The Joseph Group

Recent Changes to 529 Education Savings Accounts

February 24, 2023

To Inform:

How do I fund education costs for my kids and grandkids? This is one of the perennial questions that parents and grandparents face when it comes to education costs. 529 accounts have long been the answer for people looking for tax-deferred growth for education expenses (if you’re unfamiliar with 529s, be sure to check out this post by my colleague Dave Suchland). However, some parents hesitate to fully lean in to 529 accounts because of the limitations around distributions that are not used for qualified education expenses.

In response to these issues, Congress has recently passed two separate bills called the SECURE Act 1.0 and the SECURE Act 2.0. Many of the provisions in these two pieces of legislation went a long way toward resolving some of the issues around using 529s and should allow more parents to utilize this incredible education savings tool more fully by allowing the remaining balance of 529 accounts (up to $35,000) to be rolled over to a Roth IRA tax and penalty free!

The Problem with 529s

Historically, 529 accounts could only be used for post-secondary education expenses. This created a conundrum for families who were trying to plan for these expenses. Common questions around this topic include, “What if my child doesn’t go to college?” “What if my child receives financial aid and doesn’t need as much as we anticipated?” “What if we save for an expensive education, but my child ends up going to a less expensive school?”. Since there is a 10% penalty for withdrawing funds in addition to paying federal and state taxes on the growth from a 529 account for non-education expenses, many parents and grandparents were hesitant to put too much money into a 529 account for fear of overfunding it and paying penalties later. As a result, Congress responded with the SECURE Act 1.0.

The First Fix Under the Secure Act 1.0

The SECURE Act 1.0, passed back in 2019, broadened the uses of 529 accounts. First it allowed them to be used for K-12 education and apprenticeship programs in addition to college education. Furthermore, 529s could be used to repay up to $10,000 of student loan debt. These provisions helped to lessen the fear that there wouldn’t be enough expenses to use up 529 account balances. However, there remained the problem about what to do if there was money left over after a beneficiary was out of school.

The Second Fix Under the SECURE Act 2.0

The SECURE Act 2.0, passed in December 2022, went a step farther to resolving this issue about what to do with a remaining balance in a 529 account. Starting in 2024, 529s can now be rolled over to a beneficiary’s Roth IRA. However, there are a few key caveats to be aware of:

  • A 529 account must be open for at least 15 years before becoming eligible for a Roth IRA rollover.
  • The annual rollover amount is capped by the inflation-adjusted Roth IRA contribution limit. For 2023, the Roth IRA contribution limit is $6,500 for people under age 50, so the maximum that could be rolled over is $6,500 per year. The beneficiary would not be able to contribute any additional money to the Roth IRA or traditional IRA in that same year once this limit has been reached.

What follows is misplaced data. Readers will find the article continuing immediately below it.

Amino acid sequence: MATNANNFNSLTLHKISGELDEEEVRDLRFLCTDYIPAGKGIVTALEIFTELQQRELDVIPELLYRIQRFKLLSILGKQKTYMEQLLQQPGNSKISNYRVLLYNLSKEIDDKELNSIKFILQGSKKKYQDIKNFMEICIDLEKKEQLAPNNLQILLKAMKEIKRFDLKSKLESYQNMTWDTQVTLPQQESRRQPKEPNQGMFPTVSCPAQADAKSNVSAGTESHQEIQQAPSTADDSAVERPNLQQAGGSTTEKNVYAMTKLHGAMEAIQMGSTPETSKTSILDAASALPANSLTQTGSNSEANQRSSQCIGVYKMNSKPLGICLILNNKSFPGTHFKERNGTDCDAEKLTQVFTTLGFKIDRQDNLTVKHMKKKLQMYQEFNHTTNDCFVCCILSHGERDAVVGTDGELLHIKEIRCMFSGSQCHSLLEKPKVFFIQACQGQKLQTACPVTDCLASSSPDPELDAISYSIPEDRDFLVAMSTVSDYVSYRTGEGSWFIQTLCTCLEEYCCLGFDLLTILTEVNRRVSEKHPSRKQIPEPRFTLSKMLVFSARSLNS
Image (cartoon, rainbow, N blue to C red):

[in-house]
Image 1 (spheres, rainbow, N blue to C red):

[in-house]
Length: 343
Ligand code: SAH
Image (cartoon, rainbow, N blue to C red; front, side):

• The beneficiary of the Roth IRA must have earned income equal to or exceeding the amount rolled in from a 529 account. In other words, no rollovers are allowed until the beneficiary has some earned income.
  • There is a lifetime limit of $35,000 for rollovers from a 529 to a Roth IRA and this amount is not indexed to inflation.
  • Contributions made within the last 5 years to a 529 aren’t eligible for a rollover to a Roth IRA.

This ability to rollover to a Roth IRA is a big deal! It goes a long way to solving the issue of what to do with leftover funds in 529 accounts and removes a key barrier that holds many parents and grandparents from contributing more to 529 accounts. Now these funds can be rolled over tax-free and penalty-free to a Roth IRA and subsequently go on to grow tax-free for the rest of the beneficiary’s lifetime. This opportunity potentially gives beneficiaries a big head-start toward their own retirement savings once the expenses of schooling are behind them.

A Few Key Unresolved Questions

The SECURE Act 2.0 legislation left a few key questions open for interpretation:

  • First, is more than one Roth IRA rollover permitted from the same 529 account? The beneficiary of a 529 account can be changed at any time, so a 529 account owner could potentially do one $35,000 rollover to the first beneficiary and then change the beneficiary to a different person and then do another $35,000 rollover.
  • Second, if more than one beneficiary can receive Roth IRA rollovers, can an account owner do this immediately, or would a new 15-year limit be imposed before the new beneficiary could receive Roth IRA rollovers?

We’ll need to wait for guidance from the IRS about whether more than one Roth IRA rollover is allowed and whether the 15-year waiting period is renewed each time the beneficiary is changed.


Funding education expenses for children and grandchildren will continue to be a challenge for many families. Fortunately, for those can save for these expenses, the SECURE Act 1.0 and 2.0 resolved many of the key drawbacks for using a 529 account for this purpose. Notably, the most recent change which allows rollovers to a Roth IRA largely solves the problem of overfunding a 529. More details will emerge over time about how and when this provision can be used, but in the meantime, 529 accounts just became a lot more attractive to solving the education funding riddle.

If you have questions about how to establish, fund or utilize a 529 plan please contact your Joseph Group advisor. We love to help our clients think about planning for specific goals and how to accomplishing goals just like this.





Written by Jake Martin, Client Advisor